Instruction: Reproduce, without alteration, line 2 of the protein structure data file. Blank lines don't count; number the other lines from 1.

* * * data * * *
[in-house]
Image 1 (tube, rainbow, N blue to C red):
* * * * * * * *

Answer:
Image 1 (tube, rainbow, N blue to C red):